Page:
The French-language newspaper El Watan is suspended. From this Friday, July 29, the 130 employees, who have not received wages for 5 months, are on strike indefinitely. In March last year, due to unpaid social contributions, the state blocked the accounts of the daily, which is therefore unable to disburse funds and pay salaries.
The journalists but also all the other professions tried to resist until the end. Two days of strike a week, then three, then four, faced with management’s inability to pay wages, the indefinite strike was therefore declared from last Friday. Salima Tlemçani is a journalist and leader of the workers’ union.
“It has a terrible impact on our morale, but afterwards, when you have an employer who doesn’t move, you expect the worst, you tell yourself that the company has to close. When there was nothing, we went on strike indefinitely until there was a solution.
El Watan owes 370,000 euros to the tax authorities. Blocked accounts, impossible to transfer property. 18 shareholders are now at the helm of the newspaper. Especially Mohamed Tahar Messaoudi, also director of the publication, who asks the employees to be patient. Furious with the state, he believes that blocking accounts is an injustice.
“I am very worried, I feel sorry for our press. El Watan apparently pays for its independence, its editorial line. Because we are really in a situation of injustice.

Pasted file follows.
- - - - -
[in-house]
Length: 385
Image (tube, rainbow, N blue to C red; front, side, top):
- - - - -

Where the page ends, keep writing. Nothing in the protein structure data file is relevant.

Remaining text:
Last hope for the employees of El Watan: In Algeria, a law allows the release of wages when a company is in financial difficulties. A court decision is expected in the next few days.
After 31 years of existence, the newspaper El Watan is therefore in danger. As a new step after the closure of the newspaper Liberté in April, following the arrests and convictions of journalists.
Director of the media laboratory at the journalism school in Algiers, Belkacem Mostefaoui, believes that the entire press sector is dying out, that the state is going so far as to take control of the training of journalists. For him, the closure of El Watan is unthinkable.
It would be tragic because there would be a lack of clean air, of media oxygen, of this Algerian public space, which has been dramatically broken, broken. Since March 2019, the system has been moving in this direction.
Belkacem Mostefaoui, director of the media laboratory at the Algiers School of Journalism